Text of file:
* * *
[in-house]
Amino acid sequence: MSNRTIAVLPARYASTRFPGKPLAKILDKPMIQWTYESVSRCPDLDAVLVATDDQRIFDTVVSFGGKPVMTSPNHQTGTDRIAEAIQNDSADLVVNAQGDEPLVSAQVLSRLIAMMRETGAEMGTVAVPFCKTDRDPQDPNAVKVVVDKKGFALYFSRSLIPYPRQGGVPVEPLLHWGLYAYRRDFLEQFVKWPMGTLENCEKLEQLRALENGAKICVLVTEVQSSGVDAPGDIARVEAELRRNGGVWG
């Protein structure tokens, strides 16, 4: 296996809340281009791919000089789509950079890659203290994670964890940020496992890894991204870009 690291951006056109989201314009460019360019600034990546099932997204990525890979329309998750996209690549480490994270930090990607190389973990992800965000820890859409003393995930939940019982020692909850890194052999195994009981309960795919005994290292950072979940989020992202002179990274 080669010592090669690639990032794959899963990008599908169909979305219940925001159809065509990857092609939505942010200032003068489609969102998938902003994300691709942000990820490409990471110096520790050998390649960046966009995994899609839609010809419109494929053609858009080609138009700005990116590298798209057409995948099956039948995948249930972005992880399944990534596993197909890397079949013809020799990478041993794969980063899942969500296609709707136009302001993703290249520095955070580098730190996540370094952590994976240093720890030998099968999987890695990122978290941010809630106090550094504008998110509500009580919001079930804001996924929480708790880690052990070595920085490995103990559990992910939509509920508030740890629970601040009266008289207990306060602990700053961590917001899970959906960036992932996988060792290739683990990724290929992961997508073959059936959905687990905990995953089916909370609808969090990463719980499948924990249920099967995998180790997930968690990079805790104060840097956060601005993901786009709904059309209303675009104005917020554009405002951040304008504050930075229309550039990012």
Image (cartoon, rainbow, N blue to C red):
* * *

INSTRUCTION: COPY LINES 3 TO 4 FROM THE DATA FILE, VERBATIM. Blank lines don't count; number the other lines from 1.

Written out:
């Protein structure tokens, strides 16, 4: 296996809340281009791919000089789509950079890659203290994670964890940020496992890894991204870009 690291951006056109989201314009460019360019600034990546099932997204990525890979329309998750996209690549480490994270930090990607190389973990992800965000820890859409003393995930939940019982020692909850890194052999195994009981309960795919005994290292950072979940989020992202002179990274 080669010592090669690639990032794959899963990008599908169909979305219940925001159809065509990857092609939505942010200032003068489609969102998938902003994300691709942000990820490409990471110096520790050998390649960046966009995994899609839609010809419109494929053609858009080609138009700005990116590298798209057409995948099956039948995948249930972005992880399944990534596993197909890397079949013809020799990478041993794969980063899942969500296609709707136009302001993703290249520095955070580098730190996540370094952590994976240093720890030998099968999987890695990122978290941010809630106090550094504008998110509500009580919001079930804001996924929480708790880690052990070595920085490995103990559990992910939509509920508030740890629970601040009266008289207990306060602990700053961590917001899970959906960036992932996988060792290739683990990724290929992961997508073959059936959905687990905990995953089916909370609808969090990463719980499948924990249920099967995998180790997930968690990079805790104060840097956060601005993901786009709904059309209303675009104005917020554009405002951040304008504050930075229309550039990012």
Image (cartoon, rainbow, N blue to C red):